Three states are taking the lead in overhauling the way they oversee babies, children and teens whose parents cannot or will not care for them.
A report released this month has found that in Michigan, Texas and Kansas child-welfare reforms have led to more adoptions, better case management and improved tracking of child-abuse cases.
Reforms "are proving more effective and thus, more humane, than the traditional system as a whole," said the report from the Reason Public Policy Institute (RPPI). "It also shows that there's no one-size-fits-all solution" for foster-care reform, said Conna Craig, a former foster child who wrote the report with colleagues at the Institute for Children in Boston.
Privatization of child-welfare services has attracted its own criticisms, though. Caseworkers in Kansas, for instance, are burning out under the pressure and stress of the new system, one insider said. Reforming foster care has been an ongoing priority with the Clinton administration and Congress.
Most of the 500,000 or more abused, abandoned or neglected children who live in foster care each year will eventually return home to their families.
But significant numbers of children cannot be reunited with their parents. One of the most damaging complaints about the child-welfare system is that it fails to find permanent homes for the estimated 54,000 children who are now freed for adoption.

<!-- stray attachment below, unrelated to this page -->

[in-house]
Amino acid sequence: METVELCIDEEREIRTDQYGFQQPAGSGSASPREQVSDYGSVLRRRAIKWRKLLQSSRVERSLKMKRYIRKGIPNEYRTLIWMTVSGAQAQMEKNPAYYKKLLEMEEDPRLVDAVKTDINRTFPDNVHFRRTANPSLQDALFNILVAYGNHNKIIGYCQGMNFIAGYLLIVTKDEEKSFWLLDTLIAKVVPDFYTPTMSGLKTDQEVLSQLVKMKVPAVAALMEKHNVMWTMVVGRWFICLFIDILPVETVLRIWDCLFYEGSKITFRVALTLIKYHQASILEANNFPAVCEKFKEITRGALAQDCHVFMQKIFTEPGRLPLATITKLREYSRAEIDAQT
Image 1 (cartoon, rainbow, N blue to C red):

Another major concern is that children spend years cycling between their abusive parents and the system, only to be freed for adoption when they are teen-agers - an age that few adoptive parents are eager to tackle.
If no one adopts these children, they stay in the system until it ejects them at age 18. Many of these unattached children cannot navigate adulthood and fall back into social services as single mothers on welfare or prison inmates.
The Adoption and Safe Families Act passed last year set tighter standards for when - and how long - states should try to help abusive or neglectful parents mend their ways so they can care for their own children.
The act also clarified when the state should cease such "family preservation" efforts and pursue alternate permanent arrangements for children, such as guardianship or adoption.
Today, the Child Welfare League of America says that at least 20 states are pursuing reforms of their child-welfare systems through internal overhauls or hiring outside private contractors to handle their services.
The RPPI report looked at three of the most progressive reforms and found that:
* Michigan, which has relied on private adoption agencies for a decade, has almost doubled the number of foster-care adoptions since it implemented a financial reform in 1992. Many of these adopted children were "older," disabled or considered by some as hard to adopt.
* Kansas, which privatized almost all of its child-welfare system two years ago, now finalizes 44 percent more adoptions. Inquiries from prospective adoptive families have tripled.
* Texas, which until recently tracked the nearly 8,000 children in its child-welfare system by index cards and nine independent computer systems, has automated and centralized its system.
As a result, foster children in Texas are not getting "lost" in the system as often, the authors said.
Before Texas revamped its data system, "if someone moved across a county line, there was a good chance [the state] would lose their records," added Susan Orr, a child-welfare expert at RPPI who worked on the report. …